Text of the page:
Alumni Giving Back

Students walk to class around 8:30am near the Lecture Hall and the Glenn G. Bartle Library on the first day of the Fall semster, August 24, 2021.

Binghamton University students are eager to learn and once their passion is ignited, they remain engaged. With nearly 5,000 research and instruction interactions and 1,702,300 item circulations last year alone, the “very high research activity” that earned Binghamton University the Carnegie classification “R1 institution” is easily seen percolating in the labs, stacks and study rooms across the Binghamton University Libraries’ four locations. The combined strength of our campus Libraries is attributed to the educational standards of the State University of New York system, Binghamton’s longstanding history of administrative excellence and to dedicated alumni and friends like you. But the best kept secret behind the Binghamton University Libraries’ sustained success are 194 student workers and their mentors, our full-time 92 member staff; 24 of whom are Binghamton alumni!

Binghamton University graduates are known for their volunteerism, professional achievements and activism so it is no surprise that some alumni give back by choosing Binghamton as their employer, but each story is unique. Read how 3 of our 24 alumni staff members responded  when they were asked, “Why Binghamton?”

selfie photograph of Andre Mathis, Bartle Library Services Manager, in decorative shirt and tan hat
Andre Mathis ’09, Bartle Library Services Manager

Andre L. Mathis ’09, MPA ’12
Bartle Library Services Manager 

“I knew that there was a world beyond the Big Apple and I was ready to explore it. My high school Guidance Counselor encouraged me to apply to Binghamton and I said, ‘I don’t even know where that is!’ But getting accepted to Binghamton and being part of the Educational Opportunity Program has been as life changing for me as was trading the concrete jungle for rolling hills. 

Binghamton grew so much on me that after completing my undergraduate studies I decided to stay for graduate school. Working for the Libraries for the past couple years feels full circle. It is a way for me to say thank you for being the launch pad that allowed me to see the world more clearly than I could have imagined.”

photograph of Bill Palmer, Special Collections Gift Associate, holding a book.
Bill Palmer ’79, Special Collections Gift Associate

Bill Palmer ’79
Special Collections Gift Associate

Bill came to Binghamton when the Bartle Library was new:

“There was a fish pond under the stairs in the lobby, and a smoking room on the third floor. I loved my time here as an undergraduate. It was, as the saying goes, ‘the makings of me.’ Liberation was in the air (I came out as gay in my junior year and met my partner—later husband—as a senior.) And all these hip, smart kids! I learned a lot, had a lot of fun, and got an excellent and very affordable education.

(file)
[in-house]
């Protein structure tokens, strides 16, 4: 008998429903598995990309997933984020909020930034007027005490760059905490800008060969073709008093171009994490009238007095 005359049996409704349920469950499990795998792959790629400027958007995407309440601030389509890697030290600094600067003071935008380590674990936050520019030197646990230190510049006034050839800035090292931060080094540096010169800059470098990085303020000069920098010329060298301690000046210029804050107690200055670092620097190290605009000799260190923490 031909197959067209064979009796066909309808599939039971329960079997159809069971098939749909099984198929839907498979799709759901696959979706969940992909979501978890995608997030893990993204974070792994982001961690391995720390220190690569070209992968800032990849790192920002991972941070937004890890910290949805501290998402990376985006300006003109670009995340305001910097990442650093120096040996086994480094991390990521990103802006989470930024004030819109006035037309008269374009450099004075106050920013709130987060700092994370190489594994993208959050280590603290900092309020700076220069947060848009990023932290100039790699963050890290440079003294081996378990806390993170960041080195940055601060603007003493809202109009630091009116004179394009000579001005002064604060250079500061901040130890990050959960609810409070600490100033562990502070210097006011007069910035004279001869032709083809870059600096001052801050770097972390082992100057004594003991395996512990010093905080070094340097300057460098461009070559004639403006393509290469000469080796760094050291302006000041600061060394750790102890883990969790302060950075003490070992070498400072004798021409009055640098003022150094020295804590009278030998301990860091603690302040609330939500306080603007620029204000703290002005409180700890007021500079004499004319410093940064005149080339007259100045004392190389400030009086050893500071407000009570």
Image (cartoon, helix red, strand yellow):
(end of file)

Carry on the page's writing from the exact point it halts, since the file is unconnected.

I worked for decades as an editor and, eventually an executive, for an academic publisher. When the company was sold to the proverbial ‘big, British publishing house,’ I was fifty and out of a job. I ended up landing on my feet in a job I love at a place I love—the Binghamton University Libraries. Times have changed, the campus certainly has, since I was a college student here.

But the University has remained committed to the ideals of a public university, free intellectual inquiry and excellence in professional education. I am proud of what I can give back to my dear old alma mater. And I just love my fellow Bearcats!”

Kristi Potter ’13, University Downtown Center Library Services Manager

Kristi Potter ’13, MAT `16, MS SAA `19
University Downtown Center Library Services Manager 

“During my first semester as an undergrad I found the Bartle Library. As I wandered around aimlessly, I found Bartle to be geared more towards traditional students. It was loud with several printers in action, students were walking briskly through the halls looking at their cell phones and chatting with their friends. It was too busy and fast paced for me. 

I decided to check out the Science Library and I found some common ground with the traditional students. They were willing to meet at the Science Library to accomplish group projects. As I finished my undergraduate degree I started attending School of Education classes toward my Masters in Teaching. As a graduate student I continued to utilize the Science Library because it was conveniently located on campus. 

Then, when I was working on my second masters degree in Student Affairs Administration, the program was held at the College of Community and Public Affairs (CCPA) in the downtown center. It was there that I discovered the UDC Library, and to my surprise it was small, personable, quiet and just right! And now… I work here!”